BY EDMUND SMITH-ASANTE
A free book published this week by the International Institute for Environment and Development (IIED), Birdlife International and Pavan Sukhdev — leader of The Economics of Ecosystems and Biodiversity study, has noted that nature’s riches can play a major role in poverty eradication, only if governments and businesses recognise the true economic value of the goods and services the environment provides.
It warns that biodiversity loss is not only an environmental problem but also a fundamental threat to people’s livelihoods, wellbeing and ability to confront the impacts of climate change.
The full colour publication — which is written in clear, engaging language and aimed at policymakers, journalists and the general public — comes on the eve of the world’s biggest international conference on biodiversity, in Nagoya, Japan.
According to Dr Dilys Roe , a senior researcher at IIED, “The ongoing decline of the world’s biological resources, such as rainforests, coral reefs and agricultural biodiversity, threatens to increase poverty and people’s vulnerability to climate change,” and as such, must be tackled together rather than in isolation.
Although the book shows how nature provides humanity with goods and services worth trillions of dollars, it cautions that these benefits are threatened by policies that fail to treat the environment and human wellbeing as two sides of the same coin.
A press statement issued by the IIED to announce the publication said “Biodiversity includes the crops we eat and the insects that pollinate them; the plants we use for both traditional medicines and modern drugs; the bacteria that help create the soil that sustains farming; and the microscopic plankton at the base of food chains that end with fish on our dinner plates. It includes ecosystems such as forests that regulate water supplies and the global climate.”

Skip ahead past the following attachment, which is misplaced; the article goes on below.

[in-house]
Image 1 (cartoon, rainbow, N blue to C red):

The statement added that while millions of the world’s poorest people depend heavily on nature for their livelihoods, efforts to use biodiversity to boost incomes often fail because of poor policies and legal frameworks that govern how biological resources are used and by whom.
On his part, David Thomas of BirdLife International stated that “Systems that communities have developed over generations to sustainably manage their natural resources have often been swept aside by policies that favour short-term commercial gains,”.
He submitted further that “By supporting these communities’ long-term stewardship of the land and the sea, policymakers can tackle two urgent global issues, which are extreme poverty and the loss of biodiversity, at the same time.”
The book outlines the economic, scientific and moral arguments for shifting to a new way of managing the Earth’s resources that brings benefits to all in a sustainable way.
It argues that biological resources can lift people out of poverty and help countries to build green economies but says that for this to happen the true value of biodiversity must be included in economic valuations and government policies.
Next week, governments from around the world will gather in Nagoya , Japan for the 10th Conference of Parties to the UN Convention on Biological Diversity. They are set to make key decisions that could determine whether current and future generations will continue to benefit from nature’s riches.
Meanwhile, copies of the book will be made available to delegates at the Nagoya conference, while the book’s authors will also be available to talk about the issues it raises at IIED’s booth (No. 52) on Tuesday 19 October at 13.00 and Wednesday 27 October at 13.00